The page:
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my temp gauge normally sits in the middle of the 130 and 210... which puts it around 170ish.

sometimes when its pretty cold out (for FL.. like in the 40s or 50s) it even runs slightly less than that maybe close to 160-165ish.

this seems a bit too cool for what im used to vehicles running.

im thinking of changing the thermostat soon.. maybe its stuck open.

my question is... would this affect performance at all?

my other gauge says my mpg average is 14.6 which seems to be about normal from what i read on this board, so it doesnt seem to be hurting it to much.
 

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Do you know what your thermostat is rated for that you're currently running? When I ran my 180F stat in winter (-25F or lower), the engine temp struggled to warm up past the first little white line on the gauge. It took nearly an hour before you'd notice the cabin temp getting above freezing. My mileage stayed the same, even factoring in the extreme cold and lots of idling. In heavy city traffic with lots of idling, the temp would sit right in the middle and provide ample heat, however, once I got onto the highway, the engine temp would drop due to the low outside ambient temp being so low.

I tried the cardboard treatment, but found that it would get wet easily and freeze overnight! I ordered some grille guards to keep the wind out while I was on the highway, but they weren't very helpful and the temp barely rose. My 360 runs better in my minds eye with a 180F stat - especially in the summer.

Each year I spend $10 every six months and change out the t-stat, 195 for the winter and 180 in the summer. If the temp was slightly above 32F the truck did warm slow with the 180F stat, but it was fine as it wasn't terribly cold out and would warm the cabin within fifteen/twenty minutes. I don't believe your t-stat is stuck open, but for better piece of mind changing it out for $10 or so is good assurance.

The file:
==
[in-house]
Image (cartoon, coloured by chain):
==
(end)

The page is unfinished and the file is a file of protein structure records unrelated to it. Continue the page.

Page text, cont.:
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I would strictly trust the stock gauge as an exact reading. If indeed it was too cool, there is an engine code for excessive warm up time. If you are not getting that, you are fine. People who have tried 160 thermostats have gotten that code. 180 or higher, you are fine.
 

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Engine wear goes up alot with cooler temps i think i read 160 is not good 180 should be the lowest . II am not sure where i read that but lots of wear at 160 deg.
I'll stand by what I said, you shouldn't have problems with wearing out your engine running at 160.

What reason(s) would you have to think that there is more wear at 160? The tolerances are not tight enough here... we're talking standard American iron. What's your (reputable) source of more wear at 160? I'm fine with all of us having an opinion, but to come on and contradict someone and give advise you should be able to back it up. I'm not trying to come off as a jerk, but there is a lot of bad advice on the boards... and wouldn't want people to follow something just because they or someone else thinks they may have ead it somewhere.

I don't know where the ecu is set to read a cold engine temp, but I assume that your safe at 160. If it did read cold you'll run a richer mixture and burn unnecessary gas (at least this is better than lean!)


Where you do get problems not running up to temp is from not being able to burn off water and such that accumulates in your oil... that's where I was originally coming from. Very common w/boats when feeding too much cool water through the block... sludge will ultimately result.


A lower t-stat is not the way to cool an overheating engine... it won't work. If your heating up with a higher t-stat you'll do the same with a lower. Check your fluids, bleed all the air out, could be pump going out, sticking t-stat, clogged/block rad, etc.